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The Week That Broke the Bank for Crypto

 |  March 5, 2023

By Pymnts

Every so often, there’s a seismic week that shakes up crypto.

Scratch that.

Seems like every week, nowadays, is a seismic week that shakes up crypto.

The ecosystem keeps evolving, but in recent days it feels like the evolution is being dictated by flameouts, by crumbling business models, by looming regulations that determine what people and firms cannot do (and are less about what folks can do) when it comes to using digital currencies, holding them, storing them, and whether any of it is really safe.

This time around, Silvergate Capital’s crisis heralds the fact that the link between cryptocurrency and traditional banking is frayed, and perhaps may never be cemented, at least not if regulators have their way.

As we reported here, Silvergate has acknowledged that a spate of bank runs and its efforts to raise liquidity have led to concerns about its very viability. Turns out that offering traditional banking — deposits, mortgages, lending — becomes harder to do when the client firms’ own fortunes depend on volatile cryptocurrencies, which are in turn subject to the great unknowns of regulatory scrutiny.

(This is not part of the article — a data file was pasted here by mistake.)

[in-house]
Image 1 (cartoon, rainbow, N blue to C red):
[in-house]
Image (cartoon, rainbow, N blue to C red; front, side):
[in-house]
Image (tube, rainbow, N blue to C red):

That regulatory scrutiny is increasingly alighting on Silvergate, yes, but the impacts are going to emanate well beyond the fate of that single company.

Shot Across the Bow

The shot was fired across the bow earlier this year. In a joint statement in January, the Federal Reserve, the Office of the Comptroller of the Currency and Federal Deposit Insurance Corp. warned of the risks of “significant volatility in crypto-asset markets, the effects of which include potential impacts on deposit flows associated with crypto-asset companies” and “contagion risk within the crypto-asset sector resulting from interconnections among certain crypto-asset participants, including through opaque lending, investing, funding, service, and operational arrangements. These interconnections may also present concentration risks for banking organizations with exposures to the crypto-asset sector.”

The best way to shut down those concerns may be to “ring fence” the activities themselves. That means keeping banks away from a full embrace of crypto firms. The crypto companies themselves may be sensing a crackdown coming, or at least are fearful of being able to get access to their holdings. Elsewhere, we noted this week that four crypto-related firms — Coinbase, Circle, Gemini and Paxos — have cut ties with Silvergate.

There are other signs that traditional banking activities are being curtailed by regulators, this time within the investment management realm.

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